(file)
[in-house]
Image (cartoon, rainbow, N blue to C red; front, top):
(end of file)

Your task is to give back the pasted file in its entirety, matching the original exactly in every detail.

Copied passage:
[in-house]
Image (cartoon, rainbow, N blue to C red; front, top):